Kidney Cancer Coffee consumption may be associated with decreased risk of kidney cancer10
Colorectal Cancer A 2007 study11 suggested coffee consumption may lower colon cancer risk among women
Heart Rhythm Problems A study showed moderate coffee drinking reduces your chances of being hospitalized for heart rhythm problems12
Pulmonary Function A 2010 study13 revealed a beneficial effect of coffee on the pulmonary function of nonsmokers
Stroke A 2011 study14 found that women who drank more than one cup of coffee per day had about a 25 percent lower risk of stroke than women who drank less; a 2009 study15 found women who drank four or more cups of coffee per day reduced their stroke risk by 20 percent
Gastrointestinal Flora A study16 in 2009 showed coffee produced an increase in the metabolic activity and/or numbers of Bifidobacterium, which are beneficial bacteria in your gut
There are many more studies with positive findings—in fact, too many to list. Not every single study shows coffee to be beneficial, but the majority are quite positive, suggesting that coffee has been unfairly maligned. There is strong evidence coffee can help stabilize your blood glucose level and may even help curb sugar cravings. Caffeine binds to your opioid receptors, which essentially prohibits you from craving something else, such as sugar.
Research also shows that coffee triggers a mechanism in your brain that releases a growth factor called Brain-Derived Neurotrophic Factor (BDNF). BDNF activates brain stem cells to convert into new neurons, and also expresses itself in your muscles. It does this by supporting the neuromotor, which is the most critical element in your muscle. Without the neuromotor, your muscle is like an engine without the ignition. Neuromotor degradation is part of the process underlying age-related muscle atrophy. Essentially, caffeine from natural whole coffee may help keep your brain and muscle tissue young.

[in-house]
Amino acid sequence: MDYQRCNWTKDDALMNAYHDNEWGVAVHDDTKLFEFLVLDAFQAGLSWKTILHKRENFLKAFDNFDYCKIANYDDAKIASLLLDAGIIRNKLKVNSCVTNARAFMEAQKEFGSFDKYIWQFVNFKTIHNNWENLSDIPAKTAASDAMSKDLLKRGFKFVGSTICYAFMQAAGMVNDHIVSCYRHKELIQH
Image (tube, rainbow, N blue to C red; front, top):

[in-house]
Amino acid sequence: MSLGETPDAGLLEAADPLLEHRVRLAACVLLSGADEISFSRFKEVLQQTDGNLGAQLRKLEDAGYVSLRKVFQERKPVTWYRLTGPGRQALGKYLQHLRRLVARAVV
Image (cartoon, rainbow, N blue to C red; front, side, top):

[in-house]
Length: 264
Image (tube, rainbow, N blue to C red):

When to Drink Coffee for Maximum Benefit
According to Ori Hofmekler’s extensive research, coffee increases your metabolism by up to 20 percent. I’ve previously discussed the benefits of exercising on an empty stomach. But coffee can actually be quite beneficial if consumed before exercise. Ori states:
“Coffee before training allows you fast energy to initiate your workout. For people who train in the morning, having coffee before training is a great advantage.”
However, coffee is a potent substance and should be used only in moderation—without sugar. Ori recommends having just one cup of organic coffee or one shot of espresso in the morning or before training, and that’s it for the day. If you exercise in the morning, have your coffee prior to your workout, NOT after. Consuming coffee after your workout interferes with your body’s muscle-building mechanism. Again, your body can handle whole, fresh organic coffee because it doesn’t hit your system the way synthetic caffeine does. But you don’t want to go overboard.
Dark Roast Coffee may be Superior to Light Roast
When it comes to the health benefits of organic whole-bean black coffee, the darker the roast, the better.17 It’s often the case that foods with the darkest pigments also offer the most robust benefits to health, and dark roast coffee, such as French or Italian Roast, or roasts used to make espresso or Turkish coffee, are no exception.